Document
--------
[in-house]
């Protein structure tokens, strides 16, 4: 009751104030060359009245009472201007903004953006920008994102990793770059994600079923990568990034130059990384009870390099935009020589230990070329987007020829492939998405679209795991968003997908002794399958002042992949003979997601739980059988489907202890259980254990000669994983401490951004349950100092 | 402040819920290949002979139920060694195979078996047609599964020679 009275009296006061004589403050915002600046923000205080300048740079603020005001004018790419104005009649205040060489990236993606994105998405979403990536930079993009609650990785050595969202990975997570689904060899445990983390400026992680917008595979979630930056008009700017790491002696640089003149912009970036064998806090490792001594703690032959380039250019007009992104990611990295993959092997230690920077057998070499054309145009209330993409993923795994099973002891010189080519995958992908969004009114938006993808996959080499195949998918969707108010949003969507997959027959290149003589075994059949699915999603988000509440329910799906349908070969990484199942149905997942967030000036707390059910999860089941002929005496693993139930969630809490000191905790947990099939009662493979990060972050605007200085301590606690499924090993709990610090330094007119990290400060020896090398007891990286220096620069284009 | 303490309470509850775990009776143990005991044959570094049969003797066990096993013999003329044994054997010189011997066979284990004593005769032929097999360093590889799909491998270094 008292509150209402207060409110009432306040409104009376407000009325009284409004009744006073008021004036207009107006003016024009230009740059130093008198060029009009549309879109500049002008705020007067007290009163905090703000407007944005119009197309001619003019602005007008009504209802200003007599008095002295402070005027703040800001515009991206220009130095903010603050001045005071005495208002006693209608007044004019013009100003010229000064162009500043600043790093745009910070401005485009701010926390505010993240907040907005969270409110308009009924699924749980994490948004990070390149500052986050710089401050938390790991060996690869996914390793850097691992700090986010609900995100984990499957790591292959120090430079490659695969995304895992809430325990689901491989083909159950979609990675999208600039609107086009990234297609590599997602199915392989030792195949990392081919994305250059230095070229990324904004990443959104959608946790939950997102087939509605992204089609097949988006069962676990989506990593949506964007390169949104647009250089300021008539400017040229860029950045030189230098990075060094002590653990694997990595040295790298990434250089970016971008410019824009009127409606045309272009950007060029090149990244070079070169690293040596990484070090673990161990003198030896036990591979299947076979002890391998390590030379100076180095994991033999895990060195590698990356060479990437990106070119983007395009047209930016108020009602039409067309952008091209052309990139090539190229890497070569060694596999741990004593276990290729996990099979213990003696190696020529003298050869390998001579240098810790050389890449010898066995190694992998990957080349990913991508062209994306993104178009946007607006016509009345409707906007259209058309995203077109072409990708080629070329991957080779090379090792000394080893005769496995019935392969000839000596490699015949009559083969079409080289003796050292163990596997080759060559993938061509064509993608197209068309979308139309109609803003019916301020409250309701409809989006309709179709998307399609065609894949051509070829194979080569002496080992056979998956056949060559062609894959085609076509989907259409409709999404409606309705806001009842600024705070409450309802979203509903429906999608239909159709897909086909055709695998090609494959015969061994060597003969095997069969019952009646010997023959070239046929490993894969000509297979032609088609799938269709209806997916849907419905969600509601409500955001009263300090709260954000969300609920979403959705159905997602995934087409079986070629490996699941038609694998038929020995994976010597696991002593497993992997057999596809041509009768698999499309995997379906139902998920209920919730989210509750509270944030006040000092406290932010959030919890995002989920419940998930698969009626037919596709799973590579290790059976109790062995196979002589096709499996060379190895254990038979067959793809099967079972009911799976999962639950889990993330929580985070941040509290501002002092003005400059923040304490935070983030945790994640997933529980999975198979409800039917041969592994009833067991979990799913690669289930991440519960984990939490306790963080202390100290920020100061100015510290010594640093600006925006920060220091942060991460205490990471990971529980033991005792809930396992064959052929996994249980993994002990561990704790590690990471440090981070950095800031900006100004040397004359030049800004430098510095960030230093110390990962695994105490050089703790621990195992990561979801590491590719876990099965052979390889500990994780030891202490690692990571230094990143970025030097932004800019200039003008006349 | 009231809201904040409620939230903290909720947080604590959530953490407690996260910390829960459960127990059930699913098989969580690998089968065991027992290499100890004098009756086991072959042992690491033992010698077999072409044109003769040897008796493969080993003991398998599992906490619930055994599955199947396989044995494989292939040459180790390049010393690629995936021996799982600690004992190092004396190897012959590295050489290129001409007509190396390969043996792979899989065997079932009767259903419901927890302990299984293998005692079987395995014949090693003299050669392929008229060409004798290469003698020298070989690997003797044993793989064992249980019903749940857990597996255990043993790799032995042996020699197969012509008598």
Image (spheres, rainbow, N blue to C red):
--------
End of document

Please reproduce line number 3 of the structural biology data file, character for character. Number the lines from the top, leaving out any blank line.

Image (spheres, rainbow, N blue to C red):